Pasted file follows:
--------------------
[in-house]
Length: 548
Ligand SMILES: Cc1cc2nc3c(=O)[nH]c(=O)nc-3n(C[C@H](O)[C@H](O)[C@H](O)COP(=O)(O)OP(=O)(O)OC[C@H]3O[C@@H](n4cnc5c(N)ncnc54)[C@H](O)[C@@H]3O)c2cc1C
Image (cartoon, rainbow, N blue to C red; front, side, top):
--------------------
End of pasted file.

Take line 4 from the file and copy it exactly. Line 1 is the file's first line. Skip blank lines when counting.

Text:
Image (cartoon, rainbow, N blue to C red; front, side, top):